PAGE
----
The number of multihulls on long voyages has been steadily increasing and this was a good opportunity to find out their proportion among cruising yachts. In Las Palmas, multihulls made up 10.1% of the total number, whereas in Panama it was much higher at 17.2%. The proportion of multihulls was even higher in ARC 2022 from Las Palmas from Gran Canaria to Saint Lucia. Among the 140 boats that sailed this classic route, over a quarter (36) were multihulls (33 catamarans and 3 trimarans), equivalent to 25.7%. The average for monohulls was 15.7 m (51.4 ft) and 14.1 m (46.3 ft) for multihulls. The size of boats taking part in the ARC  has been steadily increasing over the years and in this latest edition 31 monohulls were over 50 feet and 22 multihulls over 60 feet long.

More efficient and better-equipped boats, with reliable automatic pilots, electric winches, furling gears and countless other accessories have resulted in an overall reduction in the size of crew. This was evident from the crews of the boats that called at Cape Town having an average of 2.9, while in St Helena it was 3.2, in Cocos Keeling 2.5 and in Tahiti 2.8. In the latter two cases, more than half the boats were crewed by just a couple.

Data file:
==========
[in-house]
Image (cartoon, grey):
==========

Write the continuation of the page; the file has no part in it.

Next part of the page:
Another interesting trend highlighted by the survey was the change in the predominant flags of the boats on a world voyage. Statistics obtained from Gran Canaria, Azores, Tahiti, Cape Town, St Helena and the Suez Canal show that whereas in all the previous surveys, USA flagged yachts were usually in the lead, they are now superseded by the French tricoleur, with British and German boats competing for third place.



Since my first global survey in 1987, the cruising scene has seen important changes and while this survey has found that in a few places there has been an increase in the number of visiting yachts, the figures from Las Palmas, Bermuda, Panama, Tahiti, Cape Town, New Zealand and Australia seem to indicate that the popularity of long distance voyages may have peaked in 2010.